Postmodern philosopher Jean Baudrillard, who passed away last month, must be chuckling in his grave. In a flattering LA Times profile this weekend, LA’s promising new chief planner Gail Goldberg waxes poetic about her experience in San Diego, where she helped spearhead the movement to reinvigorate San Diego’s downtown. After she left the comforts of suburban Del Mar for a condo in downtown SD, Goldberg says, “I loved it from day one. I remember sitting on the terrace and the streets were all lit up and carriages were going by and I said, ‘I think I’m in Disneyland.'”
Much like the blissed-out vacationer who stares at a sunset and swears it looks just like a postcard, Goldberg has succumbed to the power of the imitation — or the simulation, as Baudrillard describes it. In his landmark essay on simulations, Baudrillard reserves a special place for Disneyland, which he regards as an imaginary world that manages to usurp the real one:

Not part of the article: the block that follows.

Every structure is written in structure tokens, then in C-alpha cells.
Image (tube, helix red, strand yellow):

Disneyland is presented as imaginary in order to make us believe that the rest is real, when in fact all of Los Angeles and the America surrounding it are no longer real, but of the order of the hyperreal and of simulation.
So isn’t it just dandy that the future of Los Angeles, the capital of fakery and cinematic dream-weaving, has been placed in the hands of a city planner who believes that a successful urban landscape is indistinguishable from Disneyland’s Main Street, USA? If you’re wondering what Baudrillard might say about this, I suggest you ask him — well, his avatar — in Second Life. Goldberg’s not the only one who thinks that a little Disney-fication can do a town good. During the Lear Center’s park design competition, known as the Grand Avenue Intervention, Lear Center senior fellow Neal Gabler proposed a heady mix of Walt Disney and Frederick Law Olmstead for the Grand Avenue Park. Personally, I can’t wait to see what LA’s new imagineer will do with Skid Row. Rollercoaster ride, anyone? The final dip’s a doozy!